Comment 8 Neil Brown 2005-09-04 18:23:25 UTC
Hi,
 Could you please try the above patches, where relevant, and let me know
if it makes things work again properly.

Thanks,
NeilBrown
Comment 9 Mike Williams 2005-09-04 19:34:58 UTC
Wow, thanks for the quick code response!  
  
I've patched (mdadm-1.12.0, 2.6.13) and rebooted successfully.  
Now when attempting to re-assemble the array I get the following from mdadm: 
mdadm: /dev/md1 assembled from 2 drives and 1 spare - not enough to start the 
array. 
That's irrespective of whether I specify /dev/hd{e,f,g,h}1, each of all 4 
fully, or g & h and the 2 combinations of e & f on the command line. 
If I specify all 4 the inactive array is made up of f, g, and h. If I don't 
specify f, e gets used. 
If I attempt to add the missing drive, or remove a drive, I'm confronted with: 
mdadm: cannot get array info for /dev/md1 
Stopping the array does work though. 
 
Nothing of note is logged, just stopped, bind, bind, bind. 
Comment 10 Neil Brown 2005-09-04 21:54:39 UTC
Looks like you must have hot-added both 'failed' drives, so they forgot about
their original place in the array, so 'mdadm -Af' cannot fix it.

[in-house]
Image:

You will have to recreate the array.  This won't hurt your data (provide you get
it right...). As hdf is the one that appears to have really failed I'd leave that 
off, and
   mdadm --create /dev/md1 -l10 -n4 --chunk=whatever /dev/hde1 missing /dev/hdg1
/dev/hdh1

That should get it all back for you (providing hde1 isn't really bad).

Then if you are confident that hdf1 is good, hot add it back into the array.


Comment 11 Mike Williams 2005-09-05 13:44:50 UTC
OK, so I re-created the array with 3 disks (f, g, and h (yes, f, the original  
"broken" f)), and it built perfectly.  
I then hot-added hde (the other "broken" one), and left it to rebuild. It  
succeeded! All my data is still there too! :)  
  
I now have a fully functional array that I'm leaving un-assembled until I get  
round to testing or replacing any actually faulty disks. I've seen drives 
being spuriously kicked out of arrays before, which is why I attempted to 
rebuild using the supposedly broken drives. 
 
Thanks very much for your time. 
Comment 12 Neil Brown 2005-09-05 16:53:00 UTC
Glad it all worked out.  I'll get the patches into the mainline kernel
shortly and hopefully no-one else will have to suffer this particular bug.

thanks,

NeilBrown